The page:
Having gained a very strong reputation in the UK for their brands and products, Stateside Skates made the brave decision to begin exporting their produce overseas. Five years down the line, the company has grown rapidly...
Started in 1981, Stateside Skates Ltd has designed and manufactured action sports products for three and half decades.
It has created and owns eight market-leading brands; specialising in roller skates, skateboards, longboards and scooters.
Around five years ago the company made a conscious effort to expand its export sales through finding agents and distributors, as well as approaching a number of specialist shops directly.
Export sales grew rapidly and now account for over £4m of sales - approximately 46% of their annual turnover.
With overseas earnings rising by 388% over the last three years, BQ caught up with the team to find out how they got into exporting and what challenges they’ve had to overcome.
What does your company do?
Stateside Skates owns, designs, manufactures and distributes a number of market-leading action sports brands.
Our most popular products include quad roller skates, skateboards, scooters and the protection associated with these sports.
These ranges sit under main brands, which include Rio Roller Skates, Enuff Skateboards, Mindless Longboards, SFR Skates Slamm Scooters and REKD Protection.
When was your company launched, who by and why?
The company was founded in 1981 by managing director Roy Coffer, who still leads the business to this day.
He saw a gap in the market for British-designed action sports products, and the brands developed from that.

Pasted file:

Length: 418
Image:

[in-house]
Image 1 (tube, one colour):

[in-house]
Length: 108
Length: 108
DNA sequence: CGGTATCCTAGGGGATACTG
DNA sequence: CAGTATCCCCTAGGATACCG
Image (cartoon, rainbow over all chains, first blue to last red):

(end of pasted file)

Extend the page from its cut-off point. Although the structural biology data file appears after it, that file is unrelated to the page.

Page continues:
How long has the company been exporting?
We began exporting over 15 years ago, but it has been in the last five years that a considered strategy has taken export sales to a new level.
What do you currently export, and where to?
We export all of our brands and product ranges. The most successful products abroad are our unique products, which shops and retailers cannot get from local suppliers.
Our most established export markets are in Northern Europe, but we are also well-known in Southern and Eastern Europe too.
In the last few years we have also gained many new partners further afield, notably in Canada, Russia, South Korea and South America.
What motivated you to start selling overseas, and how long did it take?
The decision to export was made in order to grow the business. Having gained a very strong reputation in the UK for our brands and products, the natural step was to begin to sell them abroad too.
What is the easiest part of exporting?
One of the major strengths that we pride ourselves on are the relationships that we have with our customers.
We regularly visit customers all over Europe and the world to maintain these relationships, and they are crucial to help us keep up with market trends, develop and improve product ranges, and get the brands recognised worldwide.
We offer fantastic customer service levels, and customers really appreciate the quick response times, personal contact, quick deliveries and reliable products.
And the most challenging part?